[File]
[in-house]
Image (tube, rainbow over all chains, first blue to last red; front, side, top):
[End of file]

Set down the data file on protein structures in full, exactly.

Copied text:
[in-house]
Image (tube, rainbow over all chains, first blue to last red; front, side, top):